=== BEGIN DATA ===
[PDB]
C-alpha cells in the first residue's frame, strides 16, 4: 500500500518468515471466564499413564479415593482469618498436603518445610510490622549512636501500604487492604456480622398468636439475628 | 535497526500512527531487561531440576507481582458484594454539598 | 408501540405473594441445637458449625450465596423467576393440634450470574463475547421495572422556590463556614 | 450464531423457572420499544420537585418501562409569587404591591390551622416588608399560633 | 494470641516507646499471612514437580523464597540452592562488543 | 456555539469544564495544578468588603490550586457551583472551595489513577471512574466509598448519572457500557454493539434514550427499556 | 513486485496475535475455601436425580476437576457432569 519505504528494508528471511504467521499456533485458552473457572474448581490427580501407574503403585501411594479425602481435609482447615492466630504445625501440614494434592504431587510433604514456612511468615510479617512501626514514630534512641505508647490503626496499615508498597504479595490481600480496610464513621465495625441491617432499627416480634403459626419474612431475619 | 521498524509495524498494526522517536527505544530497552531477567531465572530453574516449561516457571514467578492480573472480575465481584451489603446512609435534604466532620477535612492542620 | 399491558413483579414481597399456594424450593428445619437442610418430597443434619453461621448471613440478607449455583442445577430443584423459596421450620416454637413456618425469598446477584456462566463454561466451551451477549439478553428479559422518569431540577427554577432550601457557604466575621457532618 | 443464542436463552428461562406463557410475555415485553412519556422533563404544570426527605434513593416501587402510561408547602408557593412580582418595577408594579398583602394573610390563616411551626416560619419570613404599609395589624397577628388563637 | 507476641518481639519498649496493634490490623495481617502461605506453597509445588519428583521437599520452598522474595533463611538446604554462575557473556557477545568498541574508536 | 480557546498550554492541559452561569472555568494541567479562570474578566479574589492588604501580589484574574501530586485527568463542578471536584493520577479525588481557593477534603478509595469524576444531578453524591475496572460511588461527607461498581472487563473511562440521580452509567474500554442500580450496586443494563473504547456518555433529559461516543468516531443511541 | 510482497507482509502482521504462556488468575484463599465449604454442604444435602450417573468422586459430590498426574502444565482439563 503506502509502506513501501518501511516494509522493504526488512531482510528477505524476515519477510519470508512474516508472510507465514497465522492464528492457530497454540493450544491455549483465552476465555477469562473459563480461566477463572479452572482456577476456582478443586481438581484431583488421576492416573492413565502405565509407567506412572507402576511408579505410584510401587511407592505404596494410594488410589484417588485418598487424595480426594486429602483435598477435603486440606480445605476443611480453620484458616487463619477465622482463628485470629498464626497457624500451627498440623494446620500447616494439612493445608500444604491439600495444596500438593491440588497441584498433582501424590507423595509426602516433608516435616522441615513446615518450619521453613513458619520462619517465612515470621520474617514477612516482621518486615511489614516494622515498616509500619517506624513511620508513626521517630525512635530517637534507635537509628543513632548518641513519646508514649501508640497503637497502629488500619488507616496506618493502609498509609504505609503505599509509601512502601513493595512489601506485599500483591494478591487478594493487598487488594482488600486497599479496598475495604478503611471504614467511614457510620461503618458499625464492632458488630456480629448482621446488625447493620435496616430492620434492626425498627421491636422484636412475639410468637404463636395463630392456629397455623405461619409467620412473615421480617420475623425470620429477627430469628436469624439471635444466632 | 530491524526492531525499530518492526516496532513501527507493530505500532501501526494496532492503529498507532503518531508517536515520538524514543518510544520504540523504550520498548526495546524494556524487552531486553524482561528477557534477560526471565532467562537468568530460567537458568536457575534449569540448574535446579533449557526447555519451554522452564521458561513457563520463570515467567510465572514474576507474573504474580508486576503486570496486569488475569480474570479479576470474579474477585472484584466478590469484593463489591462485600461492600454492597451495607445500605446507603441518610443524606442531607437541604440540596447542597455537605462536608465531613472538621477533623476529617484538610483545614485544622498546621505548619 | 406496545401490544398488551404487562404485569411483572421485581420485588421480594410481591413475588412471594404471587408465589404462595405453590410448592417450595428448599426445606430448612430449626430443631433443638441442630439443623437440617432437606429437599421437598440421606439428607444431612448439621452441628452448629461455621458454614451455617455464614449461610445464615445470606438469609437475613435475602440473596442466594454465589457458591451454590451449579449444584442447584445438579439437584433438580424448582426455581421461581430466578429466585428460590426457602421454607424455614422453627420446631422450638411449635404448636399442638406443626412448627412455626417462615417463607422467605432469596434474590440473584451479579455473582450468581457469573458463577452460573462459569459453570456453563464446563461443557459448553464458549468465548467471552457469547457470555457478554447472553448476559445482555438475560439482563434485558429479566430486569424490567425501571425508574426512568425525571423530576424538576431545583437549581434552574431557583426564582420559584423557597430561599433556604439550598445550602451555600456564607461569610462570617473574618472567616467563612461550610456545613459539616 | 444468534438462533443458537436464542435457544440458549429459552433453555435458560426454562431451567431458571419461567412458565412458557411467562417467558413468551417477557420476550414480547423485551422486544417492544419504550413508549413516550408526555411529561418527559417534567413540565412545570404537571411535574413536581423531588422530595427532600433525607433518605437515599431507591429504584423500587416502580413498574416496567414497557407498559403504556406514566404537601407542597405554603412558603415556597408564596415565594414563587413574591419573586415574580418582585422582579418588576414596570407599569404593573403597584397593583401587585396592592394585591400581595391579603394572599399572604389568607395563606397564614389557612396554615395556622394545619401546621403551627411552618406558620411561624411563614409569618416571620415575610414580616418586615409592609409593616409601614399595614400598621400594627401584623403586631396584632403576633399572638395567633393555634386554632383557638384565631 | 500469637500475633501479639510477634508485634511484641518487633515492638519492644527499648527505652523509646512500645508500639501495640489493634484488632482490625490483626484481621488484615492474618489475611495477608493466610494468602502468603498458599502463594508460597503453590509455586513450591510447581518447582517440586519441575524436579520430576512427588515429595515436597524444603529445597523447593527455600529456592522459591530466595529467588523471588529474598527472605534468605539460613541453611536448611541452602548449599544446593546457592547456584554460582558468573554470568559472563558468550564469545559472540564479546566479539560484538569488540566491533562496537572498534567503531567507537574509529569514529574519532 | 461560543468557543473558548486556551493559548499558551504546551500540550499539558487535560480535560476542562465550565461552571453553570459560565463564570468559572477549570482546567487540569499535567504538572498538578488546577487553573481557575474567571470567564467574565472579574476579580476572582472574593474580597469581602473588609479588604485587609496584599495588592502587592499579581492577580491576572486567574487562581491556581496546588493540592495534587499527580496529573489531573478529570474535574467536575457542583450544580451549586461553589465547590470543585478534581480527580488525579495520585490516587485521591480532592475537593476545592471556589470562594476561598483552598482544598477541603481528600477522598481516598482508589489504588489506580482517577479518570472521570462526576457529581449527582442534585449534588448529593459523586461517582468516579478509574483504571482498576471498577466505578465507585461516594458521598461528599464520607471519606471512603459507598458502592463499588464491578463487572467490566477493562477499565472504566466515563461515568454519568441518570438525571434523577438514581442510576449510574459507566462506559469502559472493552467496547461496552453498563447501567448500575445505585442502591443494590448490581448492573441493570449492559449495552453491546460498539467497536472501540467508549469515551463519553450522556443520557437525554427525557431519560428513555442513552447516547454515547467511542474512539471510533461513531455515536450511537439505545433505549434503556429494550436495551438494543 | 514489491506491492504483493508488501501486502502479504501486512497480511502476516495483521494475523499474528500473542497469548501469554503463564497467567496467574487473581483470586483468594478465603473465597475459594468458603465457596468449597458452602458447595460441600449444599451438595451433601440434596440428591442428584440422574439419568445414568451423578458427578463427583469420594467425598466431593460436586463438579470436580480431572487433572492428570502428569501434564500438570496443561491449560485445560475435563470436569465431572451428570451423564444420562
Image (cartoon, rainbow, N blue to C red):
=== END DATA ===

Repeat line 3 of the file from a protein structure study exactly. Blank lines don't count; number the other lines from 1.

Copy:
Image (cartoon, rainbow, N blue to C red):